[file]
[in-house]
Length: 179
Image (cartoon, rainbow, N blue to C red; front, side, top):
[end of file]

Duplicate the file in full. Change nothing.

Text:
[in-house]
Length: 179
Image (cartoon, rainbow, N blue to C red; front, side, top):